Parenting

Frankencheese and weird science for kids

November 6, 2015

science for kids

Scientist Bill has been to the kids’ school a couple of times in the past few months and Kiks is vaguely interested, but D Man is enthralled.

Over dinner, he explains how they made plastic cheese, squishy eggs and various other ‘speriments and his little head lights up like the house down the street that really goes gangbusters for Christmas lights.

When he asked if we could do some science (can’t help but sing “science, science, science, weird science” after I say it) I was worried it was a bit similar to craft for the likes of me. I’ve made no secret that I am not craft mum. The mess, the glue, the shitty bits of cut out paper everywhere, rogue feathers and buttons stuck in cracks and crevasses they shouldn’t be. Not to mention the quandary of what to do with the actual “art” they create and give you with such earnest love.

I know, I suck. I’ve made peace with it.

I am pleasantly surprised to inform you that science is actually more like cooking, which I’m fond of, except it’s making revolting things that you wouldn’t let your dog eat if it was starving.

I have no idea what plastic cheese actually is. I think of cheese slices in plastic which my mum always referred to as plastic cheese. I assumed it was because it was wrapped in plastic like Laura Palmer, but now as a mum I know it’s because it’s actually Frankencheese and not really nutritious at all. I did so enjoy a cheese slice in my youth.

I googled plastic cheese experiment but I was no closer to the answer, so I googled squishy egg experiment and it actually looked like something I could do with barely any effort or ingredients and still come out looking like a fun and awesome mother.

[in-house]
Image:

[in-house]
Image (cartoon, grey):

science for kids

Any idiot can do this one….although I may have broken one.

So, I took –

  • 2 eggs (because I have two children, but you can do whatevers)
  • white vinegar

Put the eggs in a bowl, clear is better so you can watch the ‘mazing ‘speriment and ignore it for a day. I’d talked this up a lot, and I didn’t realise it took so long because apparently Scientist Bill did it in the space of his science show, but now I know that he prepared one earlier.

Eggs are looking like they have some kind of disorder. It seems the outer layer in melting or something and it’s leaving an eggy film on the top.

I stopped reading what was supposed to happen about here and we watched the leperous egg all day, and it was like the vinegar was dissolving the shell. Totes amazeballs, except for the egg scum on the top. Won’t be reusing the vinegar; not into protein that badly.

D Man tried to get me to scrape off the remainder of the shell so just the sack was left and my sausage hands burst it. We’ll leave the other over night and see what happens.

Because that’s what a real scientist would do.

The kids felt ripped off at having to wait a whole day for results so I quickly whacked out another ‘speriment so I didn’t lose an iota of  science-loving parent status that my children were lovingly bestowing upon me.

science for kids

You need –

  • a flat dish, again glass is best for viewing purposes
  • 1cm milk, room temp best
  • food colouring
  • dish washing liquid

Stick the milk in the dish. Add a drop of food colouring on each side. Not much, just a drop, and keep them well away from each other.

Plop a drop of dish washing liquid in the middle and see what it does. Or just watch this video and put the milk in your tea like a normal person.

 

Food photographer in the making. He'll be standing on the counter in no time.

Food photographer in the making. He’ll be standing on the counter in no time.

 

We did it twice, with different colours, and then kept adding both detergent and colouring just to see what happened.

Because that’s what real scientists would do, folks.

science for kids

 

 Do you do science stuff too? Tell me about your ‘speriments. I’m hooked!

 

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